The research adds that in 2030, of the 41 megacities on the planet, six will be in Africa, with four in the sub-Saharan zone and that the number of “high net worth individuals” with more than $1-million in assets has doubled in 15 years and should increase by 45% by 2024. What this means is that hope for Africa to be the world’s second-fastest growing region for the consumption of luxury goods is tangible. And forecasts of African luxury markets growing by 30% over the next five years, make “Africa” a possible future El Dorado for luxury brands.
But Kanabar insists that, “While the world often tends to perceive Africa as a single frontier, it’s paramount that we emphasize and appreciate each country independently – as you would any other market.
“Mainstream media depicts African fashion through the lens of very specific regions, thus ignoring not only the beauty of its vast diversity, but the economic, political and cultural nuances that are crucial to entry from market to market. On the other hand, we share the same narrative – so joining forces as a continent through cross-border conversation and entrepreneurship plays an important part in strengthening our overall industry.”
In this scenario, South Africa is commonly seen as the entry to the continent’s luxury market, thanks to its large malls, with international luxury brands already well established in the country and a mainstream and consistent shopping culture.
Yet, before the luxury market can grow in different parts of the continent, there is an urgent need to protect the incredible heritage we have and change perception around the value of our crafts.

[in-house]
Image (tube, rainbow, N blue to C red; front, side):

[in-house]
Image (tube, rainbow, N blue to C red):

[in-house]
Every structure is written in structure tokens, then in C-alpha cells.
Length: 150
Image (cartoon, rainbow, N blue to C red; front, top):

“Fashion in Africa is distinct for its craftsmanship and dependence on valuable resources and skills like embellishment, embroidery, weaving, spinning and customisation. Techniques that make them really special because they have been touched by human hand,” notes Omoyemi Akerele, the founder and executive director of Style House Files and Lagos Fashion Week.
“How can African fashion preserve its essence in a world where automated machines are fast replacing such traditional skills and techniques? How can we balance the designers’ need for scalability without upsetting the fragile ecosystem that’s people-dependent for its uniqueness? How can we protect our cultural power and symbolism expressed through the work of our designers?” she asks, pointing to the need for creatives and designers to source locally and for production processes to be as sustainable as possible. A far cry considering, for example, the collapse of the South African manufacturing industry and its difficulty to rise up again.
South African Market Insights claimed that, in the first quarter of 2019, “Manufacturing production was adversely affected by frequent electricity-supply shortages, higher input prices – in particular fuel – and weak domestic demand. In addition, the demand for manufactured exports weakened as global manufacturing production slowed amid ongoing international trade tensions.”
Still, in spite of all the challenges and obstacles, increasing numbers of designers and artists are making strides in the global world of luxury, paving the way for the many more to come.
“We all have a role to play in contributing to this beautiful legacy that has been passed down to us by our forebears. We have something so tangible and precious to offer the world from this vast continent’s beauty but we must work together to map out the future we hope to see and we can only do this by working together.
“We have our differences, but the future is not about erasing those differences or trying to make them seem insignificant, the future is about acknowledging our differences, celebrating them, understanding and valuing them as we journey together to build lasting structures and strengthening an ecosystem where everyone matters. Yes, everyone matters, every voice counts, every hand should benefit,” says Akerele.
Her words to the luxury industry’s ears. ML